New Era (Windhoek)

Namibia: Access to Budget Improved

Windhoek — During the past two years Namibia has considerably improved its citizens' access to budget information, according to a biennial report released last Thursday.

The Open Budget Survey 2012, produced by independent experts ascertained Namibia increased its budget transparency score from 53 points out of 100 to 55 points this year.

Since the survey was compiled Namibia has also introduced a Citizen's Budget, which is a more simplified and accessible version of the national budget. This step enables ordinary citizens to have greater access to the information they need to participate in decision-making and positions them to hold government accountable for how it manages the public's money.

"Namibia is going in the right direction on the Open Budget Index and should be commended for introducing a Citizen's Budget," commented Graham Hopwood, Executive Director of the Institute for Public Policy Research (IPPR), which conducted the research in Namibia. "Namibia could make further strides in budget transparency if it introduces other key elements like a pre-budget statement and mid-year review," said Hopwood.

The Open Budget Survey is the only independent, comparative, regular measure of budget transparency and accountability in the world. The report found that 77 out of the 100 countries assessed failed to meet basic standards of transparency. These 77 countries are home to half the world's population.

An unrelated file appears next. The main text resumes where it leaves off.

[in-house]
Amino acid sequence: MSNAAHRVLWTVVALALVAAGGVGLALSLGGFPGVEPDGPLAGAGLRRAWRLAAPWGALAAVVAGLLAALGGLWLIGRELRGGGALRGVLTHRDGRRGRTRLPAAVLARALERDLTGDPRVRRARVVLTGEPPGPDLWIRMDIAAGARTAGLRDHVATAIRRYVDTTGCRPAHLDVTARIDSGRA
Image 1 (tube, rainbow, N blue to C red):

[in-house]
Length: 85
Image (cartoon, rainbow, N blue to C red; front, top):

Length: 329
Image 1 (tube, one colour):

According to the IPPR this matters because fiscal budgets are the main tools used to determine policies for raising and spending public funds, which promote development and meet the needs of the country's population.

The institute added that the impact of open and accountable public finance on development within countries is particularly important as the international community begins to think about the next set of Millennium Development Goals.

The Open Budget Survey uses internationally recognized criteria to provide each country with a transparency score on a 10-point scale called the Open Budget Index.

The average score among the 100 countries studied is a mere 43.

High scorers for the 2012 edition include New Zealand, South Africa, the United Kingdom, Sweden, France and Norway, while the worst performers include Qatar, Equitorial Guinea, Zambia, Rwanda, Senegal, Nigeria and Zimbabwe.

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